Several dozen women’s communities have already been visited, with some 80 more slated for visitations in the next few months, as part of phase three. Visits have been largely formal with mixed degrees of cordiality, the women report. Fearful of being seen somehow as self-promotional, the LCWR leadership has told congregation heads not to comment to the media about the visits.
From the investigation’s early days to the Leadership Conference gathering last month, there has been a remarkable shift in the mood among the women religious, many report. Angered at first, they say the investigation has drawn them together, triggered self-reflection, and has led to reaffirmations of religious identity and mission.
One of the most common words used by the women when they refer to the transformation in their communities has been “solidarity.” In Dallas, the women passed only one resolution, calling upon U.S. women religious to work more closely with women religious overseas.
Meanwhile, most say they want to avoid any confrontation with Rome, even as they admit they do not know where their journey is taking them.
During three days of discussions in Dallas, the women repeatedly affirmed their commitments to an earthy, sometimes messy, Gospel-spawned, Vatican II, pastoral vision of church. It is one they say they have tried to uphold for decades.
Blessed Virgin Mary Sr. Many Ann Zollmann of Dubuque, Iowa, the head of her congregation and a past Leadership Conference president, echoed the sentiments of other women in Dallas, saying the gathering was an energizing experience that had brought her much hope. The theme of the gathering seemed appropriate to the women: “Hope in the midst of darkness.”
“More of us see an energy now because we realize this is not just about us, as women religious,” Zollmann said. “We are using this energy and solidarity to step back to say, ‘What are we learning about who we are and how we want to be as we move forward as women in our church?’
“We are no longer waiting to see what Rome is going to do. We are using this energy, the spirit and the solidarity as we move ahead. There is hopefulness. It happens we are in a visible place.”
Referring to the Vatican doctrinal inquiry, Zollmann, in the 10th year of leadership in her community, said that the Leadership Conference of Women Religious is waiting now for a Vatican response to LCWR’s responses. She called it not just a waiting period, but a “fruitful waiting” time, adding, “We are actively creating something together. We want to seize this moment. It is a good moment.”
Zollmann said the spirit she found at the gathering was not that of a beleaguered organization. The contrary was true. She said the gathering was electric, with women affirming commitments and sharing moving liturgies.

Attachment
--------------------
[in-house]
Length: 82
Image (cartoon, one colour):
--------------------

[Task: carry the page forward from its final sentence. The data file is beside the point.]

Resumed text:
She said she returned to her community so excited she was at a loss to find the proper words to describe the events. “Eventually I said, ‘You simply had to be there.’ ”
Franciscan Sr. Pat Farrell, also from Dubuque and the newly elected vice president of the Leadership Conference, said of the Dallas gathering: “There was great energy at the conference and deep connectedness among us. I sensed a galvanized solidarity, ready to extend in more global outreach to women religious around the world.”
Mercy Sr. Camille D’Arienzo, another LCWR past president, said of the meeting: “While we engaged in prayers that upheld the value of hope in the midst of darkness, our liturgies and conversations enveloped us with the bright light of faith.”
Jane Blabolil, head of the Sisters of St. Joseph of the Third Order of St. Francis, said it “allowed us to see that something new was happening in our communities. As a result [of the sharing], confidence grew among us,” she said.
Zollmann, asked by NCR if she was ready to see the apostolic visitation in a positive light, responded: “The investigation is not justified, but what is happening is a wonderful unintended consequence.”
Blabolil, referring to the apostolic visitation, said it shows anything can be a blessing. A number of women echoed her, saying God works in unpredictable ways.
Dallas Bishop Kevin Farrell, on the opening evening of the assembly, spoke glowingly about the work of women religious. He noted it was women religious who first evangelized the state of Texas, establishing institutions that responded to people’s spiritual and physical needs. He told them the contributions they have made left him feeling honored to welcome them into his diocese. Farrell’s talk reminded the gathered women they have good friends among the bishops.